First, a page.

A spare-parts firm named GlobalDirectParts claims to have got hold of some bits of the mooted fifth version of the all-conquering iPhone and apparently cobbled together a five-minute video of the pared-down device.
The video in question didn't last long on YouTube before being pulled on orders from Apple. That, at least, seemed to suggest that the parts were the genuine article.
Some pictures remain floating about on the the Interwibble, however, and those that are turned on by such things can view those here.
Here the supposed iPhone 5 is on the left, with some differences with the current iPhone4 highlighted.
We missed the video which was apparently first spotted by the Boy Genius Report (opens in new tab) and kicked off a right kerfuffle as to which model iPhone is being displayed. Is it the CDMA Verizon version? We've gone with the iPhone 5, as that's probably what got you to click on this story in the first place.
Globaldirectparts is more circumspect. On the web site (opens in new tab) it says: "We have carefully examined and scrutinized these components and have confirmed 100% that these are born from an Apple iPhone not yet released. Could it be parts for the CDMA Apple iPhone 5 for Verizon Wireless or simply a reworked Next Generation Apple iPhone 5 or Apple iPhone 4 for AT&T that will be released ahead of Apple’s Traditional June Launch? Perhaps these parts belong to an Apple iPhone 4 CDMA Version that will be released on Verizon Wireless Only? One thing is for certain, these parts are new and internals for a yet unreleased Apple iPhone Handset."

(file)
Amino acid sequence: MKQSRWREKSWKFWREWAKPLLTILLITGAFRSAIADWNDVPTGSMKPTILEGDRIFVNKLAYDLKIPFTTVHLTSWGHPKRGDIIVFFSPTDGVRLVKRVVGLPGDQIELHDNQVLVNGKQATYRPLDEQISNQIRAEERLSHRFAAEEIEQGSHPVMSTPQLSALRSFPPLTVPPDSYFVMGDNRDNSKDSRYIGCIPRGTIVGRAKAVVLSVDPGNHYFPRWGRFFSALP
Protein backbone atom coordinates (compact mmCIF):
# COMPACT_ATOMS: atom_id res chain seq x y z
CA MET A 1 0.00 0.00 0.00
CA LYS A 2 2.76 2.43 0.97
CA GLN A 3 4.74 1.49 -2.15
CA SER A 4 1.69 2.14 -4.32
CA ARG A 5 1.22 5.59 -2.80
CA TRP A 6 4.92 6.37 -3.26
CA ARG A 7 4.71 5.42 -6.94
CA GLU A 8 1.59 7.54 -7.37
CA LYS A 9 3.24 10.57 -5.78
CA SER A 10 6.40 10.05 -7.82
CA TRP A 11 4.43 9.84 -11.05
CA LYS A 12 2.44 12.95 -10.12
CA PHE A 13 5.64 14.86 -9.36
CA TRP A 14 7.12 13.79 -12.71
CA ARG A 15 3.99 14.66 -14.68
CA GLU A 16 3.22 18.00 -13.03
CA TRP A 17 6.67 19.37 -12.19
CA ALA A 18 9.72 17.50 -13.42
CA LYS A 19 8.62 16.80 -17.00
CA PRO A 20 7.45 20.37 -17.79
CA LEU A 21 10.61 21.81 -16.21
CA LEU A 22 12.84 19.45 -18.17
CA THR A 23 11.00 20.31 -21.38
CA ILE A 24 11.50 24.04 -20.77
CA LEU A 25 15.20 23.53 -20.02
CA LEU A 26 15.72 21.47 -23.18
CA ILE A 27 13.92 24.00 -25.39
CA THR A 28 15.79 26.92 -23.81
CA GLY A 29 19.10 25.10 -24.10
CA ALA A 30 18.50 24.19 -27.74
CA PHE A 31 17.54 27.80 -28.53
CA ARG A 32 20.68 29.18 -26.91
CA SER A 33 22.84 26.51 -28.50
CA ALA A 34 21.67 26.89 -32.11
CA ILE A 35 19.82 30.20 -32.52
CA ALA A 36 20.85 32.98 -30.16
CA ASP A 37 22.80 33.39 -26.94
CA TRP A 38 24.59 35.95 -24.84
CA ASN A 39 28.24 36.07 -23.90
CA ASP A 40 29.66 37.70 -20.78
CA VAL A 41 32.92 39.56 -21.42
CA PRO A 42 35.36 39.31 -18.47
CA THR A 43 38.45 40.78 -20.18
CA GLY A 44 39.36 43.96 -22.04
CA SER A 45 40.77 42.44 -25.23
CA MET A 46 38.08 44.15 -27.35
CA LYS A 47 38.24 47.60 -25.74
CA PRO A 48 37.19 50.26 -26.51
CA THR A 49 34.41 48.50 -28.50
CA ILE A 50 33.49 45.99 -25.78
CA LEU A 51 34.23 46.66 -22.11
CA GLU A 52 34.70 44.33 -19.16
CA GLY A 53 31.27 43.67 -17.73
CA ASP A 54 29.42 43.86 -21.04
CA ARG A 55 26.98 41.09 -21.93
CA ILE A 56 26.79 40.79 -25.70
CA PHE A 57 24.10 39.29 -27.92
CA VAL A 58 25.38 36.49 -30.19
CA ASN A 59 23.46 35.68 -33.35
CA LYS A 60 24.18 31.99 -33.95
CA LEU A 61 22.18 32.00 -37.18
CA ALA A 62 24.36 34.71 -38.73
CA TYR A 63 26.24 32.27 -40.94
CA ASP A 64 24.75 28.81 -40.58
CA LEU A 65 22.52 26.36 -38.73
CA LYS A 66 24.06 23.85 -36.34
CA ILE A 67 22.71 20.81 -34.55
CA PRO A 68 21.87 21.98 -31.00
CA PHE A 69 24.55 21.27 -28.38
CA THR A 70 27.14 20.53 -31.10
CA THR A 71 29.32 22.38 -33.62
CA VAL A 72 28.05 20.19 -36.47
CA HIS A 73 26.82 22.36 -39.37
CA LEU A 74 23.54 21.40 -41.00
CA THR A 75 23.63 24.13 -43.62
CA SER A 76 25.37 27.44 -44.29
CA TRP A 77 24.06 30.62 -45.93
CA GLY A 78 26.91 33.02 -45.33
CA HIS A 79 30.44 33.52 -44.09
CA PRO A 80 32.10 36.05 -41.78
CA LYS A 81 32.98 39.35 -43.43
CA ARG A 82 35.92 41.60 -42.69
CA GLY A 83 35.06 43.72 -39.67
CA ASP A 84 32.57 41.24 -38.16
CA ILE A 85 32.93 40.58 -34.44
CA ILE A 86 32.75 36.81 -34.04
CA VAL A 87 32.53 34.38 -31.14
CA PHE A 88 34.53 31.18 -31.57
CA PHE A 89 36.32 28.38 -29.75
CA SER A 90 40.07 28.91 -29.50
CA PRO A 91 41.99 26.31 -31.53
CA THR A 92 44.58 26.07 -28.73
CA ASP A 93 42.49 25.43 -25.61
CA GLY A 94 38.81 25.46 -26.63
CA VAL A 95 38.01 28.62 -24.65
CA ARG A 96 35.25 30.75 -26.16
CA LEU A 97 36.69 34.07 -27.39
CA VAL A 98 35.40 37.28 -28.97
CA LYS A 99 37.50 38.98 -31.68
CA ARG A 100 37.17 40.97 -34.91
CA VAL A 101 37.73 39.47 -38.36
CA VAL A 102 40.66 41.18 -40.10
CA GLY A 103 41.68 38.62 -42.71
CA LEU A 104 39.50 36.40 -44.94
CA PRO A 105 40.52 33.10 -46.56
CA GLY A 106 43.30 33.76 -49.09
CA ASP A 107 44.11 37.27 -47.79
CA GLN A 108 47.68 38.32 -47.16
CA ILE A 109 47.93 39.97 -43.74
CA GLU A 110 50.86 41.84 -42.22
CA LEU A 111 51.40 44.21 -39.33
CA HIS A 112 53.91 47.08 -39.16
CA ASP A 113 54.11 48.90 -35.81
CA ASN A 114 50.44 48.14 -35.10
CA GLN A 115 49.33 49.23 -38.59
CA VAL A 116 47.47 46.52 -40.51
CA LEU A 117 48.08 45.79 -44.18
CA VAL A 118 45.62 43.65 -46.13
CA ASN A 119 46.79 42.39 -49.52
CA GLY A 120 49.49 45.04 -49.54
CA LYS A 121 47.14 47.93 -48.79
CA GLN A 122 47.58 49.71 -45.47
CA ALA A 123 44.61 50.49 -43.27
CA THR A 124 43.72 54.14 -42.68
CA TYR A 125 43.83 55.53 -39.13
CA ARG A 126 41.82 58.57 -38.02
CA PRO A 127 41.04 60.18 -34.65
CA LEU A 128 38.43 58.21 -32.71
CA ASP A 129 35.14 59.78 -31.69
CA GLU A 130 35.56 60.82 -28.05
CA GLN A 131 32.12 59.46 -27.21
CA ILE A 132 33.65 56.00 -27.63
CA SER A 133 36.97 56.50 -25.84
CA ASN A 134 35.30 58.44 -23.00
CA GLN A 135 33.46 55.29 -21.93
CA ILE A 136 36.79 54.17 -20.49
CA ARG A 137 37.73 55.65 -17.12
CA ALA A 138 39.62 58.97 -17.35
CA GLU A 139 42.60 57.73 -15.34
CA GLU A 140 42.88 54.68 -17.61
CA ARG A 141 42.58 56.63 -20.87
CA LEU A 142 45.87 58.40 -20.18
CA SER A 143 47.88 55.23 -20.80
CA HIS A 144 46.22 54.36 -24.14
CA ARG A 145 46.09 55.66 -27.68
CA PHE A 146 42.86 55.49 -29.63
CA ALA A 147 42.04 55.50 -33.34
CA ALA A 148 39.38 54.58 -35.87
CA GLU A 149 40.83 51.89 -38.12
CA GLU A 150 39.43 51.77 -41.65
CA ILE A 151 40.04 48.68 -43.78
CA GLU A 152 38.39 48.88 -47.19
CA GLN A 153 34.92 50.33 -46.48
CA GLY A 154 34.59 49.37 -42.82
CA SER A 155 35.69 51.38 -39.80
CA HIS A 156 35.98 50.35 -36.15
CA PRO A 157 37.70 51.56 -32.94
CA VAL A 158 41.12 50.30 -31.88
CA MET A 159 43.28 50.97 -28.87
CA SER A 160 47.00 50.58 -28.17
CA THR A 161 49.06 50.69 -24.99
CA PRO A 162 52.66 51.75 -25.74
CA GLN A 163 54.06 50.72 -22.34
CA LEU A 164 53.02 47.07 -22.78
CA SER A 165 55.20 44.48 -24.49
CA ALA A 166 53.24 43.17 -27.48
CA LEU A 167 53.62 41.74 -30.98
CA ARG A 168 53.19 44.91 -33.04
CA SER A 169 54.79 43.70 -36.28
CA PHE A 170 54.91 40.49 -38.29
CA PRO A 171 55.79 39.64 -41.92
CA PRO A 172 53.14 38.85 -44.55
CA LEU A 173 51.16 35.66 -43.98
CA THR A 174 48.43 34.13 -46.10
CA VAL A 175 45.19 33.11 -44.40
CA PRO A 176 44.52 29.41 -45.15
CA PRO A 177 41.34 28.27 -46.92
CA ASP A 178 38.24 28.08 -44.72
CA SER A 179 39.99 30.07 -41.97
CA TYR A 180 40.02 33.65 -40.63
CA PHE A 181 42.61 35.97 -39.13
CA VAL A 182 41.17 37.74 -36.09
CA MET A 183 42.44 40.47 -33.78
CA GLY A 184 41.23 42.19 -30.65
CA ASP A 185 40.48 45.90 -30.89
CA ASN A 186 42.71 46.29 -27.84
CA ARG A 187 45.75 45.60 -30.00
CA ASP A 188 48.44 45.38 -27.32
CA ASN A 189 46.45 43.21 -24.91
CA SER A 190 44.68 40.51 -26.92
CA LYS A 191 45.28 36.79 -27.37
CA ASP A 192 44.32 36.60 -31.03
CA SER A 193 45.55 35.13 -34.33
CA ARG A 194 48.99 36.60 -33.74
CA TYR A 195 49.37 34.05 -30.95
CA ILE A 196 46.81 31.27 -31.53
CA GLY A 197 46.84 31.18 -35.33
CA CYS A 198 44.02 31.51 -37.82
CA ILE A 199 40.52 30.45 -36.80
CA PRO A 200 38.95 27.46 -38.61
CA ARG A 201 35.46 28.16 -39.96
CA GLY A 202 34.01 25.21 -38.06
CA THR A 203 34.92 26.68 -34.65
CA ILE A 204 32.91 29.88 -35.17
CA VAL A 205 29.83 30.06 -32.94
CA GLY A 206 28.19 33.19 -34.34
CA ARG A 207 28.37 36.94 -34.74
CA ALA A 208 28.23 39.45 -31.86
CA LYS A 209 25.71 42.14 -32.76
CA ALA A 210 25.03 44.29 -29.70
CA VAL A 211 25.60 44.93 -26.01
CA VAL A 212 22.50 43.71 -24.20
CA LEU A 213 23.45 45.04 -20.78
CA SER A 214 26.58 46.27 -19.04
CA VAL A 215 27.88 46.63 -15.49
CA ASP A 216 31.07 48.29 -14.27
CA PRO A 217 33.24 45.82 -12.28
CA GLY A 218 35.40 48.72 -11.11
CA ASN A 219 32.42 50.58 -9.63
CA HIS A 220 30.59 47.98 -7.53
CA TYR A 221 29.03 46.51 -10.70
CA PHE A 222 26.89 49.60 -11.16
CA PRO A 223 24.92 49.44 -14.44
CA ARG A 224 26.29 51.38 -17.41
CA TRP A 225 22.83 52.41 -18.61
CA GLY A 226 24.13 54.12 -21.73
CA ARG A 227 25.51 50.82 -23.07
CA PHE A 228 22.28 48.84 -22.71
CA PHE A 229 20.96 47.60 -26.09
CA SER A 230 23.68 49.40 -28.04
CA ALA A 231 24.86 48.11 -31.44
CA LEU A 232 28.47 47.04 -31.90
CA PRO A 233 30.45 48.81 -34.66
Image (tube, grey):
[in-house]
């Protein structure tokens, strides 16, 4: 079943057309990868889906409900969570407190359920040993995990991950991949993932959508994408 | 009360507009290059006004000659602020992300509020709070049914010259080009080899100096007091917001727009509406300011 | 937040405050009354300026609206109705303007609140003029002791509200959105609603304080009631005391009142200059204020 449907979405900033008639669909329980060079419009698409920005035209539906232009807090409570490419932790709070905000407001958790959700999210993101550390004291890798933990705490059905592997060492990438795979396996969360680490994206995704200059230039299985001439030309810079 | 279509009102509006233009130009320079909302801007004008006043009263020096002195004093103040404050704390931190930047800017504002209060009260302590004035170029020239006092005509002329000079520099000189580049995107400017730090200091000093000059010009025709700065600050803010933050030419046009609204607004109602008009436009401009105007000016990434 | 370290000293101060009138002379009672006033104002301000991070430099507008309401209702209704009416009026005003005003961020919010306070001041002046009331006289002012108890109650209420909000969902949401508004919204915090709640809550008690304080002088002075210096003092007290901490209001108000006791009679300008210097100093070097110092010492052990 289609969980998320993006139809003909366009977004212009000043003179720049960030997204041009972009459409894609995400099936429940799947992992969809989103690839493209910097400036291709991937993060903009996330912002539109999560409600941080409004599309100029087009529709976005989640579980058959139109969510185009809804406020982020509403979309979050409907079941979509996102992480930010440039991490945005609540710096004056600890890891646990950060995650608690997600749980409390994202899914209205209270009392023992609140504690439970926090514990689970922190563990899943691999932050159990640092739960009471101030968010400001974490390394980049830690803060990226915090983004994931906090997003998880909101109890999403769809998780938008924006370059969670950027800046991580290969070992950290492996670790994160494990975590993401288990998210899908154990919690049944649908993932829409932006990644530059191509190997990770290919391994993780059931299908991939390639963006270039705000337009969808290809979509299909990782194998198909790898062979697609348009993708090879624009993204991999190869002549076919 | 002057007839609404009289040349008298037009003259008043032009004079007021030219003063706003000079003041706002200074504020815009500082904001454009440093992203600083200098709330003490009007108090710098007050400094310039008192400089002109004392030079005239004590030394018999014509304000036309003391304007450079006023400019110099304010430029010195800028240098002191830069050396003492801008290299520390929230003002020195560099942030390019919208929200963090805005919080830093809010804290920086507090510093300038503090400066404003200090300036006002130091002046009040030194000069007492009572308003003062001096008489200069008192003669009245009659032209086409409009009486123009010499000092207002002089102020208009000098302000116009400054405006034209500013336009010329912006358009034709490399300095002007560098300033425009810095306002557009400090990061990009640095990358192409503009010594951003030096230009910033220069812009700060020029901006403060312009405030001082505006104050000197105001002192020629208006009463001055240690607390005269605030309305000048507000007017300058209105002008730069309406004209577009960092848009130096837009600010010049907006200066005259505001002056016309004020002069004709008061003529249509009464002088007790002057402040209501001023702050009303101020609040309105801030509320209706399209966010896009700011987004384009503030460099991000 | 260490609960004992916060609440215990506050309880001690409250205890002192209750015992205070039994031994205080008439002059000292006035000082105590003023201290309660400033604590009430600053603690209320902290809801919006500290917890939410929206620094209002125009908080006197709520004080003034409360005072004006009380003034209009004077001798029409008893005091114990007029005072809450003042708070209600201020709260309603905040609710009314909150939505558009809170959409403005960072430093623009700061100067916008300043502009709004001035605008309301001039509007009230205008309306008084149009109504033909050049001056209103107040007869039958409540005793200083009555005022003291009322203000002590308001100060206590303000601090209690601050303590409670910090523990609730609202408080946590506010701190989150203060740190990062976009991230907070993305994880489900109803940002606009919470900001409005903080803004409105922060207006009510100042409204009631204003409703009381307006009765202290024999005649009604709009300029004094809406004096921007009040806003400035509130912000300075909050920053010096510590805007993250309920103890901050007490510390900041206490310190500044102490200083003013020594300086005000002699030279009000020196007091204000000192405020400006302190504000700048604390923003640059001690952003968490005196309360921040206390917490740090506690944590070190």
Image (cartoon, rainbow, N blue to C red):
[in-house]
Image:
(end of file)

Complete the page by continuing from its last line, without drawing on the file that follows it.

Apple seems to have tweaked the antenna design - well it had to - and the phone shown sports a micro-SIM card slot. Some of the black strips on the casing have disappeared.
Here again, the new phone is on the left and looks a similar size and 'heft', as Stephen fry might put it, to the current model.
Quite why a spare-parts distributor would have parts for an as-yet unreleased phone escapes us, but the outfit claims to have more to come, unless the jack-booted lawyers come a-calling first. Or maybe Apple cunningly engineered the whole thing, while most techies had their eyes glued to the CES happenings in Las Vegas.
We'll leave you to argue about all that in the comments section below.